Lina has dedicated hundreds of hours to our County’s most vulnerable communities—from her time at the Texas Civil Rights Project to serving as a Spanish-English medical interpreter at the Texas Medical Center and supporting immigrants in search of lost loved ones. Over the past few years and while pursuing a joint degree in law and public policy at NYU and Harvard, Lina conducted research on criminal justice policies and coordinated with advocacy groups and governments to push for criminal justice reform. Before that, Lina worked throughout Southeast Asia to promote transparency and accountability by supporting journalists, bloggers and artists. She helped create and fund a program to bring Stanford students to public policy positions and has served the immigrant and incarcerated communities at any opportunity and in various states.
Egberto Willies is first and foremost a political activist who believes it is imperative that we make the government live up to the ideals of the country’s founding document once and for all, we-the-people. He is the host of the multimedia program Politics Done Right, on KPFT 90.1 FM Houston and other networks. Willies serves on many boards including Coffee Party USA, KPFT, Indivisible Houston, and have served Move to Amend and several others.
Egberto is a University of Texas graduate with a BS in Mechanical Engineering. He worked for several oil service companies culminating with a space station project at NASA. He subsequently formed Willies Computer Software Co. where he developed over a dozen communication products used in the public sector as well as in every industry in the private sector.
As a vocal critic of our political and economic systems who believes it is essential U.S. citizens step up to claim their country, Egberto decided to lead by example. He reduced his living expenses, virtually gave up his profitable company, and started blogging full time at his website egbertowillies.com, writing at dailykos.com the largest progressive website in the country as a permanent contributing editor, and producing & hosting Politics Done Right at politicsdoneright.com. He is currently developing a political program in Spanish as well.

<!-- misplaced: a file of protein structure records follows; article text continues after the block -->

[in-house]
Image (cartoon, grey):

Undies For Everyone
In 2012, Rabbi Amy Weiss formalized a loosely organized annual undies drive into Undies for Undies for Everyone (UFE), a nonprofit whose mission is to enhance the self-worth, dignity, hygiene and success of disadvantaged students by providing them with new underwear.
Since 2012 UFE has led this mission in service of hundreds of thousands of young students each year. Distributed directly through school district partnerships, and indirectly through collaboration with local nonprofits and other organizations, UFE removes a significant hurdle for students by providing this very basic need.
In its first year, UFE provided 3,000 pairs to one school district. In 2019, more than 275,000 students will receive more than 300,000 pairs of underwear from agency “Back to School” events and school nurse distributions. The need for this basic dignity and dearth of nonprofits recognizing the importance of underwear make Undies for Everyone’s work an important piece in assisting school children.
Learn more about Undies For Everyone by visiting http://www.undiesforeveryone.org/
Awards Dinner Location:
Crowne Plaza River Oaks
2712 Southwest Freeway
Houston, TX 77098
- November 10
5:00 pm - 9:00 pm
- $80 – $100
- Event Category:
- Event Tags:
- Community, Social
- Houston Peace & Justice Center
- Crowne Plaza Hotel
2712 Southwest Freeway
Houston, TX 77098 United States + Google Map